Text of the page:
As we prepare to deploy the Green Army across Europe for Euro 2012, many fans will be basing themselves in the Polish city of Torun due to its location between Poznan, where we open against Croatia, and Gdansk, scene of our Spanish inquisition. Glenn Standish of TorunTips.com gives Póg Mo Goal the low-down.
So how are the people of Torun preparing for Euro 2012 and what are their thoughts on the visit of the Irish fans?
The citizens of Toruń seem generally happy to have the Irish fans in Toruń. The city is organising a series of Euro 2012 events including a Fan Zone and also an outdoor table football competition. I have also been collaborating with Dwór Artusa (a concert hall) in town and we will be hosting The Irish Fans Welcome Concert on Monday 11th June. Polish Celtic band ‘Shannon’ will be performing live and the evening promises to be a warm introduction to the many fans. I have also been in discussion with the annual Beach Volleyball Tournament organisers. On Tuesday 12th June we will have an Irish fans team play against Toruń’s city council in a friendly ‘VIP match’. On Saturday 16th June the YBIG Irish fan forum are organising a charity Fun Day which includes a football match. Money will be raised from the event and donated to a local hospice here in Toruń.
Ireland could bring up to 20,000 to each game in Poland and many have chosen Torun because of its central location between Poznan and Gdansk. Is Torun ready for that amount of fans?
The exact number of fans is very difficult to estimate. But we reckon it’ll be anything from a 1000 to 3000 in Toruń. Some are coming for only a few days to check out the ‘craic in Toruń’ and others are basing themselves for the whole two weeks. Toruń seems pretty prepared. I have already had several meetings with the Chief of Police here and they are ready.
What is the advice you can give Irish fans to respect the locals?
Poles are very friendly but like anywhere they object to verbal and physical abuse. Polish girls are world-renowned for being naturally very beautiful. But they do expect to be respected as well. It’s still common here for men to act the gentleman and open the door for the lady. God forbid if you walked through the door first!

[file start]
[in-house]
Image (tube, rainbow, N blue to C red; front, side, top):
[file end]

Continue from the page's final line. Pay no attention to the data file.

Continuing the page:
Are there any local customs we should know about?
The art of queuing in Poland is something which really is pretty non-existent. Sure, during Communism, people would queue for hours simply to get a loaf of bread, a new washing machine or even a banana! However, these days there seems to be some distaste towards queueing…probably due to a backlash against the past. Now, waiting in a queue doesn’t mean that you will get served when it’s your turn. If you’re not careful some ‘mohair beret’ (elderly woman) will turn up and shove you out of your way. Sure takes some getting used to.
Yet, it always makes me laugh here in Poland. Most Poles do obey the simple art of waiting for the green man. Jaywalking is most certainly not on the cards here. Even if there are no cars coming, pedestrians wait patiently for that red light to turn green. Do not bother trying to get a fine. NOT It’s not worth the hassle.
Finally, be careful when you’re about to pay for a meal in a restaurant. Don’t say thank you until you have your change as in Poland ‘thank you’ may mean, in some places, keep the change (even if the change is over half the cost of the meal!)
The Polish currency is the Złoty (pronounced zwot-ee). The currency is also often written as PLN (Polish New Złoty). All major credit cards are accepted throughout Poland. Cash machines (bankomats) can be found dotted around Toruń. Money can be changed in the numerous bureaux de change (kantor) situated in the Old Town.